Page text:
'Citizens do not want to talk to machines' - Union supports 'properly thought-out automation'

The largest public sector trade union in the country says it has no problem with the civil service embracing technology to improve its services - provided it does not lead to job losses.

'Citizens do not want to talk to machines' - Union supports 'properly thought-out automation'

The largest public sector trade union in the country says it has no problem with the civil service embracing technology to improve its services - provided it does not lead to job losses.

Fórsa’s Civil Service Division Conference in Kilkenny heard that new forms of work organisation at Revenue, which was supported by re-training, had increased the tax take and improved audit and fraud control rather than cutting jobs.

Derek Mullen, head of Forsa’s Civil Service Division said the union would not oppose the introduction of new technologies like artificial intelligence.

“But technological advancement should not be at the cost of services or jobs,” he said.

Mr Mullen pointed to the positive experience of Revenue, where new forms of work organisation, supported by re-training, had increased the tax take and improved audit and fraud control rather than cutting jobs.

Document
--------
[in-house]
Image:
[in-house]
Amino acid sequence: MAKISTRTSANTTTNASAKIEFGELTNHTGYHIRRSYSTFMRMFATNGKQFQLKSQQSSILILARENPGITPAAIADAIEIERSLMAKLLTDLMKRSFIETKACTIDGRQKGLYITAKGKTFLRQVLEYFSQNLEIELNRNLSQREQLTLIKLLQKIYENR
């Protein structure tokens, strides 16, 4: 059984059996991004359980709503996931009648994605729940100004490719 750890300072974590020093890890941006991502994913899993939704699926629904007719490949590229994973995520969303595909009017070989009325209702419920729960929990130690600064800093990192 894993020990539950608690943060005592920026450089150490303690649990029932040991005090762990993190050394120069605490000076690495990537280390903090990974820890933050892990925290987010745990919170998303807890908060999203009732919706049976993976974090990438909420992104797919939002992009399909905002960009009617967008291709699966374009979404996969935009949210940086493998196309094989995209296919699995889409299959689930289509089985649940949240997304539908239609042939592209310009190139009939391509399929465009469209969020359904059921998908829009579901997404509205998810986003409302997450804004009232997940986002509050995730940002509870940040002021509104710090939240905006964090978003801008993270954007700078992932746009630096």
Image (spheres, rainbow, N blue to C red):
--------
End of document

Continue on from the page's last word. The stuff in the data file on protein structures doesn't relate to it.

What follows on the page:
“We will support properly thought-out automation, controlled by workers and managers whose aim will be the continued enhancement and delivery of public services. Citizens do not want to talk to machines,” he said.

In a submission presented to the Department of Public Expenditure and Reform earlier this year, Fórsa argued for steps to ensure that new recruits are equipped to thrive in increasingly-automated work environments and that older workers should get help to adapt.

Meanwhile, the union’s Local Government and Local Services divisional conference heard a presentation from Dr Mary Murphy of Maynooth University whose research has found that 8% of Irish public spending occurs at local government level, compared to an EU average of more than 23%.

Dr Mary Murphy.

Dr Mary Murphy.

Dr Murphy said Irish councils have fewer functions than their European counterparts, which has a negative effect on a number of aspects of public life, including environmental protection.

“Local government can be an important source of economic development and local jobs, while local authorities across Europe are playing a leading role in transitioning to low-carbon renewable energy.

"We need to rebuild Irish local democracy and citizen participation to build strong local economies based on good jobs and decent incomes, and to address climate change,” she said.

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